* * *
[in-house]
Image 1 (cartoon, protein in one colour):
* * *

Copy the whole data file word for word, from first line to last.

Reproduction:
[in-house]
Image 1 (cartoon, protein in one colour):